AC's loss and if the people and AC and EK are supposed to be adults there should have been a negotiation.

The biggest issue I have with all of this and Canada isn't blameless is the fact that EK (who is a private company) is so political and when they don't get what they want then the government of the UAE threatens to punish other Canadian interests there whom having nothing to do with this issue.
As Canadians we should call that bluff because at the end of the day $1.5 billion is nothing for a $1.4 trillion dollar economy, it's literally 1/1000 of Canada's GDP. There are better opportunities elsewhere.

I could go on about this but its for Non-Av, but I don't see spats like this with Canada and the US. If there is a disagreement you don't see either country attempt to rip up signed agreements like NAFTA..



Engineers Rule The World!!!!!
User currently offlineElPistolero From Canada, joined Feb 2012, 1019 posts, RR: 4
Reply 41, posted (2 years 4 months 3 weeks 5 days 8 hours ago) and read 3692 times:

Quoting StarAC17 (Reply 40):
Most routes that run daily or more are and yes as the demand goes up more rights are given. There is no issue with giving more rights to CX because they have the demand. Yes there is demand for EK in Canada and I personally think they should get dailty right to YYZ and two other cities. They declined something very similar to that IIRC.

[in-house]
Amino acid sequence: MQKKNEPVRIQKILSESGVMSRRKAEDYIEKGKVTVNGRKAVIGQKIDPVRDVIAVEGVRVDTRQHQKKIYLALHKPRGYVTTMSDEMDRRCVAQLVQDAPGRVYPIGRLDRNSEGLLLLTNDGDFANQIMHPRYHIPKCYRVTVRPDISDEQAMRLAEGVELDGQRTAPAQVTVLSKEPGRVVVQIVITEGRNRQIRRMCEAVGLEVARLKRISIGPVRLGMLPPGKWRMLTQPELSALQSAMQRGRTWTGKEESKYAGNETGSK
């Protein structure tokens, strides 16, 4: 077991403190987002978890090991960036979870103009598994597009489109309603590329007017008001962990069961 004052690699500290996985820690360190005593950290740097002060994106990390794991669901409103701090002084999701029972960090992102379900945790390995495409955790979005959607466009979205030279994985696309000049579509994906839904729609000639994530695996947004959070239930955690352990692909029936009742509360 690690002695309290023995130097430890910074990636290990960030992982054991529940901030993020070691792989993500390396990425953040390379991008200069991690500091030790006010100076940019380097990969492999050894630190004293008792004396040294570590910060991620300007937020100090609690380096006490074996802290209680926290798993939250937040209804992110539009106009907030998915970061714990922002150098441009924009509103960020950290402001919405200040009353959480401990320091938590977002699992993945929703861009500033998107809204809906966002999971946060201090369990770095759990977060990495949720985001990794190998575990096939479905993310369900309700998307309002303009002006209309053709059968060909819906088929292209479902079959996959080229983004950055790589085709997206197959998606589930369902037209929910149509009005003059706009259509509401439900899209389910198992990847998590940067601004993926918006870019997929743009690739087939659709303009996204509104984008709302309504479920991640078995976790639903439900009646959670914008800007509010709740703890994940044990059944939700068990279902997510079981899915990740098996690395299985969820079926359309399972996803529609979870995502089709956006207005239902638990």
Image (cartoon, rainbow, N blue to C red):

I don't disagree, but you're dancing around the issue. If AF/KL/LX/OS/LH etc have proven O&D traffic between Canada and their countries, then EKs entry is irrelevant. Why should anybody in Canada be concerned about the connecting traffic that these airlines are carrying? I should note that you explicitly made this claim (as have many many others)

Furthermore, I've heard these rumors about an offer being put on the table too. The problem in Canada is that, despite its status as a transparent democratic nation, no one knows what the offer was. And I don't think anyone will, namely because the PR campaign that took place after it was not exactly unbaised. The Government was very clear on where it stood on the UAE (the defence minister was equally clear on where he stood). Of course thats changed in the last 6 months.

Quoting StarAC17 (Reply 40):
Canadians are not going to Dubai when getting on EK, they are going to Africa or South Asia. As of right not the government see the demand for Dubai as not sufficient to increase the loads.

Is everybody boarding a KL flight in YYC going to AMS? If so, what damage is EK going to do to that route? If not, doesn't it boil down simply to the market making its choices? Which airline a passenger chooses to get to his destination should be irrelevant to the government. As things stand, it is not.

This is all the more absurd in light of the fact that AC buys lots of goods from China, rather than Canadian businesses, because they are cheaper. That they are cheaper because of lax labor laws, government tax breaks etc doesn't seem to register with the AC crowd who insist that EK offers unfair competition. Well, so do AC's Chinese suppliers. At the cost of Canadian businesses and jobs.

I don't see anything wrong with it - thats just the way the world is. Well, thats how it is for most of Canada. Not for AC. AC is different. Should it be? I think not. But it is...for whatever reason.

Quoting StarAC17 (Reply 40):
The biggest issue I have with all of this and Canada isn't blameless is the fact that EK (who is a private company) is so political and when they don't get what they want then the government of the UAE threatens to punish other Canadian interests there whom having nothing to do with this issue.